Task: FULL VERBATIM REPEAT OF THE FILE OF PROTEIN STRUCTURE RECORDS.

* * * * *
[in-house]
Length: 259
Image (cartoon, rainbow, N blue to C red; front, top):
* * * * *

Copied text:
[in-house]
Length: 259
Image (cartoon, rainbow, N blue to C red; front, top):